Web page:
The sixteenth century was a period of violent social and artistic changes in Northern Europe. This included the rise of the Protestant Reformation and iconoclasm or the intentional destruction of religious art. The first half of the course focuses upon German art, especially the works of Albrecht Dürer, Matthias Grünewald, Lucas Cranach, Hans Baldung, Albrecht Altdorfer, and Hans Holbein, among others. The second half of the class examines the art of the Low Countries up through Pieter Bruegel, as well as the rise of court art in England and France under Henry VIII and Francis I respectively.

ARH 337K
20th Century European Art to 1940

VAPA • Global Cultures flag

Linda Henderson
TTH 12:30–2

With a particular emphasis on cultural context, this course surveys the development of modern art in Europe, starting with a review of the Post-Impressionists Seurat, Cézanne, Van Gogh, and Gauguin and concluding with Surrealism. The primary emphasis, however, is on the major artists and movements of the early 20th century, including Fauvism, German Expressionism, Cubism, Futurism, Vorticism, Russian Suprematism and Constructivism, De Stijl, the Bauhaus, Dada, and Surrealism. Although painting is the major focus of the class, we will also consider sculpture and architecture. In addition to lecture, class discussion forms an important part of the course.

ARH 339M
American Art, 1958–1985

VAPA

John Clarke
TTH 9:30–11

This course surveys the major movements in American art from about 1958 to about 1985. We will look at the major trends, including pop art, minimalism, conceptual art, site-specific art, performance and body art, photorealism, patterning and decoration, and the varieties of figural art that emerged in the 1980s, including neo-expressionism, graffiti, narrative, and appropriation. We will look at these trends from three principal points of view: their relationship to prior historical developments, their self-stated aims, and their treatment by contemporary critics. This course will deepen your knowledge of the history of this period and help you to hone your own critical thinking about visual art. It will cultivate your own ideas about both the works of art and the criticism written about them.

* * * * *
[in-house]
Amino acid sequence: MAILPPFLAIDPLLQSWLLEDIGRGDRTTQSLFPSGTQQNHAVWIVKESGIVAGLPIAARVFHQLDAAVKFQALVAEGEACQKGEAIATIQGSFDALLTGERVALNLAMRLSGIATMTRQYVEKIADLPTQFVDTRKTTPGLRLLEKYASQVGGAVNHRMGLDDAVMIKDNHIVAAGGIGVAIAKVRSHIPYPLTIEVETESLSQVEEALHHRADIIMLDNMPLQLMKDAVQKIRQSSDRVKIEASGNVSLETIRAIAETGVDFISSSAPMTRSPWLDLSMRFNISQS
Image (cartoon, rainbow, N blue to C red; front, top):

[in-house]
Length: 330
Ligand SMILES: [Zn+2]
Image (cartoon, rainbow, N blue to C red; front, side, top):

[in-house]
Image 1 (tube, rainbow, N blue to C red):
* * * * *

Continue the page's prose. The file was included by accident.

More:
ARH 346L
Africana Women’s Art

VAPA • Cultural Diversity flag

Moyosore Okediji
TTH 11–12:30

Can we adopt the criteria used for the analysis and presentation of western art and artists for the analysis and presentation of works by Africana women artists? How do we define Africana women’s art and artists? Who are the most influential Africana women artists, and in which mediums do they work? What tasks do they tackle and what challenges face them? What are the stylistic diversities that define and distinguish their contributions? What are the technological tools available to them, and how have they manipulated and fashioned these tools? How have they shaped the past and present trends in art history, and what are their aspirations and hopes for the future? These are some of the questions that this course will investigate with the use of art historical and critical theories that draw on oral and written literatures, music, films, and other formal and informal documents.

ARH 348N
Buddhist Art

VAPA • Global Cultures flag

Hillary Langberg
MWF 10–11

This course analyzes the development of Buddhist art throughout the world. There is a shared focus on how it first developed in South Asia, but also on how art forms changed as the religion spread elsewhere and over time. Lectures and selected readings introduce key elements for understanding developments in various cultures where Buddhism flourished with particular attention to the interplay between religious issues and other factors that resulted in specific changes. Students learn to see commonality in certain developments despite surface differences such as in the creation of monuments that mark or articulate sacred space.